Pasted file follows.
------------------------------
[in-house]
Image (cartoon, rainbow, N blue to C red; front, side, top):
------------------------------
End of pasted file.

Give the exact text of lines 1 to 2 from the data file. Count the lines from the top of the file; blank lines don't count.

[in-house]
Image (cartoon, rainbow, N blue to C red; front, side, top):